Heart rate around 70: Nope.
Eight hours of sleep: Nope.
Temperature of 98.6: Nope.
3/12/09 after working out at the gym (and driving home) my temperature was only about 98.4 F. I did 5 minutes of cardio, 30 minutes of weights, 10 minutes of cardio, then 15 more minutes of weights. This was more and harder exercise than I’ve been doing in a long time, so I got a good 9 plus hours of sleep that night. I won’t say how much the “plus” was.
N.B. By “cardio,” I do not mean what most people do. I do not mean I “jog” or “run” at a constant pace the whole time. Ugh. I gave that up long ago. I mean I change my pace from slow run to run to slow run to fast run to walk to medium-paced run to fast run, etc., randomly. Or semi-randomly: I usually go for periods of 10, 15, 30 or 60 seconds. (I try to follow the “power law” distribution, which Art DeVany mentions a lot.)
I’ll call what I do “interval cardio,” which is more like what one would do playing soccer, tennis, or basketball.
3/13/09: I worked out 35 or 40 minutes: 10 minutes of “interval cardio,” then 25 or 30 minutes of weights.
On these two days I had a temperature of 96 or 97 soon after waking up in the morning, from over 9 hours of sleep. On both these days I had a decent, late breakfast (fruit, meat, nuts) and then a big salad (mixed greens, cucumber, red onion, bell pepper, olives, nuts, cheese, olive oil, Balsamic vinegar, meat) after working out.
Since I don’t have all that nasty flour or sugar in my diet, my insulin level should not get jacked up. I don’t believe the sugar/fructose in the fruit affects my metabolism and therefore my temperature much.
I suspect that the simple carbs in beer could do so — I know that in times past I would have trouble falling asleep if I had beer too soon before going to bed, on a day when I had worked out hard (ran for miles or worked out at the gym) in the evening. My metabolism would be on: go. I would be too “wired” to sleep.
3/14/09 my temperature was 97 F at noon. No workout today; just a few push ups and some ab exercises at home.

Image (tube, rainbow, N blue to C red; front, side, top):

3/15/09 at 1:55 PM: 98.4 F after working out for 45 minutes: 5 minutes of “interval cardio” and 40 minutes of weights. The workout got the heart rate up and put sweat on the whole front of my shirt — more so than even my 3/12 workout had. Made it home in a 10 minute trip, weather outside 50 F and raining. I had had a good breakfast around 9 AM of half pound or so of ground turkey, half an avocado, some grapes, and some nuts.
3/16/09, heart rate about 59 bpm just before noon. It might have been very slightly elevated because I had recently finished breakfast (half avocado sprinkled with olive oil, half a cantaloupe, and some nuts), had a good workout yesterday, and had been working out more than I had in the past three months; it seems plausible that my body would be working a little harder to get nutrients to the muscles, organs, and skeleton — though I’d have to find out from a scientist who would know such a thing, if that really happens.
Activity: horse back riding for two hours today but no gym workout.
Temperature at 12:35 PM: 97.8 F.
3/17/09, pre-work out (2:45 or 3 PM): 97.4 F. At around 4:30 PM, after working out for 40 minutes: 98 F, which was after driving the ten or so minutes home, but pre-shower, which would have cooled me off a bit. Light breakfast around 9 (just a handful of pecans and a handful of blackberries) and light lunch around 1:30 (about 30 or 40 grapes, half an avocado, and some pecans, walnuts, and Brazil nuts).
Workout today of 5 minutes of “interval cardio” followed by 40 minutes of weights (some squats (with dumbells; bringing dumbells up to shoulder level, then letting them down slow, to work the arms), clean and jerks, jump squats, pull-ups, dips, curls).
At 8:18 PM, my heart rate was 54 bpm going by an online clock. This was an hour or so after finishing a good dinner: small serving of green beans sauteed in olive oil and garlic; ribeye steak (one pound plus); some Double Gloucester cheese, pumpkin seeds and pignoli with green tea for an after-dinner snack.
I had counted a 60 or 61 bpm in the morning.